Another gadget that does the same job is the Nasopharyngeal Airway or NPA, also known as the Nasal Trumpet. This is a flexible rubber tube with a flange at one end. The flange flares out and looks like the bell on a trumpet. This item is inserted into either nostril and goes up the nose, bends around and back down to the top part of the throat, stopping short of the vocal chords. Kinda gross, I know. Obviously a Nasal Trumpet is not going to be tolerated by a wide awake person. It’s used for obtunded individuals, same as the OPA. You might see this in use if you ever have the misfortune to get a call from us to come to the ER because your fourteen year old little angel has gotten into the liquor cabinet on their sleep over at their friend’s house and is stuporous. Not you personally mind you. I know that you know we are talking about someone else here. It’s just an example. Lighten up! What’re ya Ativan deficient?
Oh! There’s the Tum-E-Vac. This is an Orogastric tube. (A tube inserted orally , down the esophagus into the stomach). This apparatus is connected to suction (conveniently located bedside in every room) and the contents of the patient’s stomach can be evacuated and the gastrum Lavaged, or washed out. Yup we’re talking about having your stomach pumped. This is used less often now than when I first started nursing and not just because it’s a disgusting mess either. It is not without risk sticking a tube down the gullet. It can lead to vomiting, which can lead to aspiration (inhaling the vomitus). Also if the person receiving the tube attempts speech, or breathing during insertion those activities will open the airway and close off the esophagus, so your tube will end up in the lung and not the stomach. Believe me, that is not where you want to be with this tube. There have been instances in the literature where the tube was in the lung and lavage was attempted (someone squirted water into the tube) and the patient has drowned. Obviously care must be taken with this intervention.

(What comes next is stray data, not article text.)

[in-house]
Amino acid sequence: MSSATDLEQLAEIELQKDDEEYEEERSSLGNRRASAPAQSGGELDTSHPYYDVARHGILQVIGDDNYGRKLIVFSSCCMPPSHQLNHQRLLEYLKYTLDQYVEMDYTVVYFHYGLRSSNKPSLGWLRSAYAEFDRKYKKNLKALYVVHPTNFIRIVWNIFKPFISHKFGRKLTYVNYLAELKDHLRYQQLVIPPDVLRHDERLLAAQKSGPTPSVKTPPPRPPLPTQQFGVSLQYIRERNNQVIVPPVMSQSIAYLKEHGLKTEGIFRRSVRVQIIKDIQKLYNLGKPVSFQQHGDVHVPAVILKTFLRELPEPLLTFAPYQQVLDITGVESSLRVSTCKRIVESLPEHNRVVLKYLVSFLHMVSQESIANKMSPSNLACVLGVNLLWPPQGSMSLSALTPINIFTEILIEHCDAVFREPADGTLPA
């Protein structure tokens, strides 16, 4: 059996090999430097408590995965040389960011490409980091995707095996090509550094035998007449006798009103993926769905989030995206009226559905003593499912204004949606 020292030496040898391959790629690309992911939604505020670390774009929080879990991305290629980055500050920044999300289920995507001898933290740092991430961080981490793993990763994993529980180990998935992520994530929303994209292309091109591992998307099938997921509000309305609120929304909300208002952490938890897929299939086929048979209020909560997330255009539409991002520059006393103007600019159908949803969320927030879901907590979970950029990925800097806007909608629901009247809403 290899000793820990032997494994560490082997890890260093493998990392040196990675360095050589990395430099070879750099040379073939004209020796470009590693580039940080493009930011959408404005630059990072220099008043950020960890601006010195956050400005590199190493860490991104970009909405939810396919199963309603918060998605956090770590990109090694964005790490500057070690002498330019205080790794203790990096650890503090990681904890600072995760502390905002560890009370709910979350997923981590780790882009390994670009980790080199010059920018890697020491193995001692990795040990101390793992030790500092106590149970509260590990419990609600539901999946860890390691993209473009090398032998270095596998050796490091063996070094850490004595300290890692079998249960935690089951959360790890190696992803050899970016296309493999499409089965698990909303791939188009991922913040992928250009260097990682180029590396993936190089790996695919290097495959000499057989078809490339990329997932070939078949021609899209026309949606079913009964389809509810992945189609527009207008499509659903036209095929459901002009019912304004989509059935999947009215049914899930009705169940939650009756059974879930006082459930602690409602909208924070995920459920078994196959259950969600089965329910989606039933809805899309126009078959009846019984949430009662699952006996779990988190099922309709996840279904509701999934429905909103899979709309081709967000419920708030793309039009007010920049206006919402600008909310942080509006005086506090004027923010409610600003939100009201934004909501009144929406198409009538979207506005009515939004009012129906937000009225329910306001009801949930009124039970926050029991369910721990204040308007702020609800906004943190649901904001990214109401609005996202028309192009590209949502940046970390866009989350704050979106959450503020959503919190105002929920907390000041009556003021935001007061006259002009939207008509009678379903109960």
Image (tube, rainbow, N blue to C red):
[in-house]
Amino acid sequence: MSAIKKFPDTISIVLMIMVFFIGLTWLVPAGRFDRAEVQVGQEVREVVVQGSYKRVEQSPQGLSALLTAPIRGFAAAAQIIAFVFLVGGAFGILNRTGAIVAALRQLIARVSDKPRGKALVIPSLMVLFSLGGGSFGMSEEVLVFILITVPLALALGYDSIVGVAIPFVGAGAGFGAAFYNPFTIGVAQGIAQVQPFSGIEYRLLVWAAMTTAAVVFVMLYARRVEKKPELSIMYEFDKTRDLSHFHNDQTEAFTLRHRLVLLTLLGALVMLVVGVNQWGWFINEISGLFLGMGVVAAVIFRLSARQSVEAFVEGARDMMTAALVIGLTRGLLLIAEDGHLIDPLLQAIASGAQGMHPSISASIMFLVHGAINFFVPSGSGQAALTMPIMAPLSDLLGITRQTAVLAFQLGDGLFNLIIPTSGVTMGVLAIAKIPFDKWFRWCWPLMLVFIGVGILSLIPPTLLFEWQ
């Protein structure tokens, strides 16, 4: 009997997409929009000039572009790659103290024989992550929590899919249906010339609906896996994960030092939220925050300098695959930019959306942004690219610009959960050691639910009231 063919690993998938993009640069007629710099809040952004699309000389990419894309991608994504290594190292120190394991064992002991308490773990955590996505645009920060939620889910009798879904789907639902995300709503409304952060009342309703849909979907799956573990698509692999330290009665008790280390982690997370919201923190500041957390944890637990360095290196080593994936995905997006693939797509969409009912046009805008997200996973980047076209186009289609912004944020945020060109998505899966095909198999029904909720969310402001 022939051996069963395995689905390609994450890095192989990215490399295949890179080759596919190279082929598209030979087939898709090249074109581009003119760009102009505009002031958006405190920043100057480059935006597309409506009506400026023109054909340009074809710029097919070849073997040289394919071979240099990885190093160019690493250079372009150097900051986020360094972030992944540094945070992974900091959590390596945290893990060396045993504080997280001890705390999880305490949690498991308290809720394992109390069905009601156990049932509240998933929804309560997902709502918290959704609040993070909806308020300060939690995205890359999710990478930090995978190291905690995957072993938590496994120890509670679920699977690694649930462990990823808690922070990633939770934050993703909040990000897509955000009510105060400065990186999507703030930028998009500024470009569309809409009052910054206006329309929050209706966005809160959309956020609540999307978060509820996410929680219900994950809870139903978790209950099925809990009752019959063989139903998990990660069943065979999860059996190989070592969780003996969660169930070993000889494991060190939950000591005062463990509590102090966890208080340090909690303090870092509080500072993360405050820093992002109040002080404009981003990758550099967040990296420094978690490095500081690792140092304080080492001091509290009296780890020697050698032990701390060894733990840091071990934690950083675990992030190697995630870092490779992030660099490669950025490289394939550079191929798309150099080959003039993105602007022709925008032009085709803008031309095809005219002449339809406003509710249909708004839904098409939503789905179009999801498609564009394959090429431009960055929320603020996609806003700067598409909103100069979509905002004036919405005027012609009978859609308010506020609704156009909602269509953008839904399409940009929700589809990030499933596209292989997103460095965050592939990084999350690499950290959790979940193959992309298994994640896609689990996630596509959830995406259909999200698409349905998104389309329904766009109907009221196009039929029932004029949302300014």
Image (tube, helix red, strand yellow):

“I need somebody to bag him”, is something you might hear. This is another breathing support measure. If the patient is having trouble physically moving air in and out, or stops breathing, a device called an AmbuBag is used to push air into the lungs. It is used with an ET tube for manual ventilation or with a BVM (bag valve mask) in the non-intubated patient, over the mouth and nose and fitting snugly so when the bag is squeezed it forces air through the nose and mouth into the lungs assisting the patient with severe breathing difficulty, or doing all the work for someone in respiratory arrest. You can probably imagine this is labor intensive, requiring a person to be dedicated solely to the task of ventilating the patient. It’s meant as a short term measure.
Crikey! I almost forgot the “Crike”! (Not really. I just wanted to use that lead in. Corny I know) This is a measure of last resort to establish a functional airway. If you are unable to establish an oral or nasal Endotracheal intubation due to massive upper airway edema (swelling) or anatomical anomalies, or facial trauma or foreigh body obstruction, it may become necessary to perform chrcothyrotomy. An incision is made in the front of the throat at the level of the crichoid membrane, just below the adams apple. You would only do this if no other option was available and the person was just about to die right in front of you if you didn’t open a route for air to get in and out of the lungs. I am thankful to say I have never been witness to this procedure. I remember an awful scene in an awful movie though, “The Sweet Hereafter” with Ian Holm, where he is recalling a time when his daughter was very young and , in the night had been bitten by many many black widows and her airway was closing off. While he was driving to the ER… he was on the phone with 911 and they guided him through it over the phone. What I remember is the anguish on his face as he describes how helpless he was watching his daughter dying and he had to do this to save her life. Tough stuff to contemplate. Would you do it? Could you do it to save your child? Luckily it isn’t that stressful at work, usually.